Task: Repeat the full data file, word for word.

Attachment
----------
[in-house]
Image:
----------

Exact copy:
[in-house]
Image: